by Kristin Cofield, Paths to QUALITY Coach
Four year old Kennisyn overheard a conversation between her parents discussing donating to the United Way of Central Indiana. Kennisyn chimed in and told her parents that she would like to donate also. Each day for one week, Kennisyn took money from her pink piggy bank to school and donated to the United Way collection jar in her class. Kennisyn even asked other family members to contribute to her classroom jar and help raise money for children in need.
Teaching children the art of giving develops kindness, compassion, and caring for others. Anne Frank said “How wonderful that no one need wait a single moment to improve the world.” At any age, we can all make a difference in someone’s life by showing compassion through our giving, acts of service by volunteering, or other forms of community outreach.
When families make giving and volunteering a normal part of their lives they will teach their children strong core values as they demonstrate these values in action. This philosophy is also true for educators who create a classroom learning environment that introduces and encourages children to practice social tolerance and respect for all people regardless of religion, race, socioeconomic status, gender, age, etc. There are many creative ways families and educators can teach children the art of giving. The following are a few thoughtful ideas for families and educators to help children become involved in their local community.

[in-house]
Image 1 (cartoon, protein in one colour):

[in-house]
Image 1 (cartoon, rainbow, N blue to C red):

- Thinking of You: Have children draw or paint a picture of their choice; frame the picture and give to a local hospital where the patients are fighting a terminal illness. Sometimes knowing that someone is thinking of you gives these patients hope to continue fighting their illness.
- Charitable Giving: Children can raise money through a lemonade stand; bake sale, art sale, etc. Allow the children to choose an organization and donate the proceeds to that organization.
- Acts of Service: Ask family, friends, and classmates to donate items to create care packages for the homeless. Donations may include food such as crackers, packaged fruit, or water; personal hygiene items such as soap, toothbrushes and toothpaste; socks, hat and gloves, etc. Allow the children to help pack the sack lunches or care bags.
A simple Google search will generate many other ideas to help families and educators teach children the art of giving. So search away and make giving and volunteering fun for the children in your life. Follow the child’s interest and remember no deed is too small when the act of service stems from a heart full of kindness, compassion and most importantly, love for humanity.